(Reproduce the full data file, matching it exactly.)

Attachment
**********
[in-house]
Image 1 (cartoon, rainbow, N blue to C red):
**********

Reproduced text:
[in-house]
Image 1 (cartoon, rainbow, N blue to C red):